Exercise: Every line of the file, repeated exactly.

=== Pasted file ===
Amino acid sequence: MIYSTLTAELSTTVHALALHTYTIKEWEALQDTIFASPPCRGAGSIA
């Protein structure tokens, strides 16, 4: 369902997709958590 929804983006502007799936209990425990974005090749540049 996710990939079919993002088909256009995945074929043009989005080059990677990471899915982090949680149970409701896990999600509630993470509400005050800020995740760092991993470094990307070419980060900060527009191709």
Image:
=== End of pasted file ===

Amino acid sequence: MIYSTLTAELSTTVHALALHTYTIKEWEALQDTIFASPPCRGAGSIA
């Protein structure tokens, strides 16, 4: 369902997709958590 929804983006502007799936209990425990974005090749540049 996710990939079919993002088909256009995945074929043009989005080059990677990471899915982090949680149970409701896990999600509630993470509400005050800020995740760092991993470094990307070419980060900060527009191709």
Image: